1. Google applied a manual penalty

The first sign a domain has received a manual penalty is that the domain is not showing up in Google. Although this is not always the case, it is enough for further investigation into the domain’s backlink profile and reason for being manually penalized. Once you discover the reason and if it is related to an unnatural backlink profile, you may submit a disavow request to clear the website off the “manual penalty”. Odys Global will never put a domain banned by Google on its marketplace, so you can stay safe from the hustle that comes with buying a domain that is banned or penalized by Google.

  1. The Risk of a Google update

The use of aged domains isn’t exactly new and a substantial number of websites sold on marketplaces like Flippa were built on aged domains. You can see the growth and decline of their traffic over time using tools like Ahrefs, which may also be able to show drops in traffic in the light of Google Algorithm updates. 

Google is well aware of people using aged domains for SEO purposes. However, Google’s John Mueller says that: “they are cautious about punishing websites because there may be legitimate reasons for using an aftermarket domain such as reviving an old website or transferring a website to a new owner”. According to John Mueller, Google looks for instances when “people are trying to abuse the system by picking up domains that are completely unrelated to what they’ve been working on”.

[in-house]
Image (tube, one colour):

Tips for Buying an Aged Domain

  1. Check the domain age

There are two alternative ways of checking a domain’s age. One is checking the domain’s information or alternatively, check the earliest recorded snapshot on which indicates when the domain started publishing content. 

  1. Check Website history